This stored procedure is deprecated and it may be removed in the next major version of the Denodo Platform. Use the procedure GET_FOREIGN_KEYS instead of this one because “GET_FOREIGN_KEYS” can search on any database, not just in the one you are connected to and it returns the same information.
The stored procedure
CATALOG_FKS returns the list of fields that
make up the foreign keys of a view, or of all the views the database you are connected to.
A foreign key is a field or set of fields that is used to establish a link between the data of two views. In a foreign key reference, the fields that hold the primary key value for one view are referenced by a column or set of columns in another table.
To create a foreign key constraint in Virtual DataPort you have to create an association between two views and mark it as a referential constraint. The section Associations of the Administration Guide explains how to do it.
input_view_name : text
input_view_name(optional): name of the view for which you want to obtain the list of fields that make up the foreign key. You need to be connected to the database of this view.
The procedure returns one row per field that makes up the foreign keys. The output schema has the following fields:
pkdatabase_name: database of the view at the other side of the foreign key relationship (i.e. in the “principal” side of the association).
pkview_name: view at the other side of the foreign key relationship (i.e. in the “principal” side of the association).
pkcolumn_name: field name of the primary key of the view at the other side of the foreign key relationship (i.e. in the “principal” side of the association).
fkdatabase_name: database of the view with the foreign key. This is always the database that you are connected to.
fkview_name: view with the foreign key.
fkcolumn_name: name of the field of the foreign key.
fk_name: name of the constraint. This is the name of the association.
pk_name: name of the primary key. This is the name of the view at the other side of the foreign key relationship, followed by “_pk”.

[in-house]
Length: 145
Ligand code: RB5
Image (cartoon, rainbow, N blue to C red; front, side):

database_name: name of the database that holds the association. An association can be stored in a different database than the views of the association.
The procedure only returns information about the views over which the user has the Metadata privilege.
Let us say that you have defined:
order_details: its primary key is made up of the fields
order_line_id. If you execute the following:
order: its primary key field is
An association between these views like in the screenshot below:
Only associations that are referential constraints (see check box on the top of the screenshot) are considered foreign key constraints.
In this screenshot,
ordersis the principal side of the association and
order_details, the dependent. That is because all the order details need to be linked to an order.
The multiplicity of the end point
orderis 1, which means that each row of
order_detailsis linked to one and only one row of order.
The multiplicity of the end point
order_detailsis +, which means that each row of
orderis linked to one or more rows of
If you execute the following query:
SELECT pkdatabase_name, pkview_name, pkcolumn_name, fkdatabase_name, fkview_name
, fkcolumn_name, fk_name, pk_name, database_name
WHERE input_view_name = 'order_details';
The result will be:
(for visibility reasons, the columns are displayed in two tables)